How to manage your Virtual Remote Teams Better

Expert recommendations on practices that lead to better virtual team management, curated from writers at leading business and management platforms.

· 3 min read

“I cannot say whether things will get better if we change; what I can say is they must change if they are to get better.” —Georg C. Lichtenberg.

As a manager in the current dynamics, you may have found yourself managing a virtual team. As out-of-the-blue as the acceleration of remote work may have seemed, remote work is definitely not a new venture. With all the available technologies, and the increasing demand for talent, visionary companies have placed remote work at the forefront of their strategies for years now. An MIT Sloan Management Review article on managing remote teams better acknowledges that remote workers outperform the counterparts working in the same location. Another PwC survey, found that 78% of CEOs believe that remote collaboration is not a temporary shift, is therefore are here to stay.

The unknowingness when first starting out to transition in the virtual landscape, however, can often be overwhelming. At the end of the day, you are simultaneously trying to maintain productivity and while morale, while keeping everyone accountable. However, there are ways to make this process easier, and help you lead the way through a successful remote team.

Here are some expert recommendations on practices that lead to better virtual team management, curated from writers at leading business and management platforms.

1. Prioritize regular communication

Communication basically enables remote work. It allows the team to address any difficulties and questions that may come up with the process of working remotely, while also helping managers keep track of everyone’s progress. Bret Greeson, writer on leadership and organizational excellence, notes in his Forbes article that aside from daily check-ins (yes, daily), the key is to actually over-communicate when managing a remote team. That is, communicating insufficiently is a challenge in itself. But when working remotely, communicating as much as possible to properly assign duties and desired outcomes is vital.

In the Entrepreneur article on 10 Ways to Successfully Manage Virtual Teams, Rocco Baldassarre associates regular briefings to the efficiency that routines bring. As he notes, by scheduling briefings at the same weekday, the routine will create more familiarity for the team. He especially encourages video-calls when trying to recreate the routine feeling in remote work.

2. Unify processes with the right technologies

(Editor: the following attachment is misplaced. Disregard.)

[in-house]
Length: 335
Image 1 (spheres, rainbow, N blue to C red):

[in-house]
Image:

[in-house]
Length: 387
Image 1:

If there is an ultimate aspect to invest in when managing a remote team, it is the technological aspect. Quick chatting and emails, as effective as they are, will not suffice. As Rocco Baldassarre in his article in Entrepreneur notes, this approach can lead to misunderstandings. He makes another great point on the two-fold way of how communication tools help remote teams: for immediate or urgent communication and for standard ways of conducting conference calls, and other internal processes.

When choosing the right tools, on the other hand, it also helps to keep the tools efficient and minimal. A Forbes article on succeeding in remote work for the long run cites the remote work playbook from GitHub on how when functioning remotely, one should strip the tools down to a minimum. A stellar option in this regard are virtual offices. Because of their all-inclusive functions of videoconferencing rooms, screen-sharing options, and a real office simulation for office banter, they make an ideal way to facilitate maximum communication with minimal tools.

3. Promote flexibility

Whereas there are benefits to overlapping work hours and synchronous collaboration, it is ultimately outcomes that truly matter. And meeting the desired outcomes, requires a different pace and setting for everyone. As Greeson reminds, team members have different environments when completing work tasks. Varying circumstances, may necessitate different work hours and different settings. With defined outcomes, it is not hard to track progress and not impede flexibility at the same time. And most probably, you team will commend you on that—as a survey by the Society of Human Resource Managers shows, 89% of companies reported better retention as a result of flexible work options!

4. Create rules and standards

Bret Greeson in the Forbes article mentions establishing rules of engagement when trying to manage remote teams better, as seen in the military. He suggests that in order to keep remote work more efficient to managers, it is important to standardize some details such as timing of communication, or number of meetings per week, or ‘office hours’ when employees can approach you during the day. Baldassarre in Entrepreneur also promotes the importance of setting standards for repeatable work systems. He notes that this can make the work more efficient and reduce task or activity-related questions the team may initially have.

5. Show empathy and emotional support

The change with the whole remote transition can induce various anxieties and uncertainties for the team. And understandably, the managers are the ones who set the tone for the process, based on how they react or handle the transition. Larson et. al in their article on HBR, treat the ongoing emotional support as vital when starting off as a new virtual team. Greeson further states the need to listen to the team’s concerns, and to empathize accordingly. In the initial points, it is especially important to mentor rather than manage, as Greeson puts it further.

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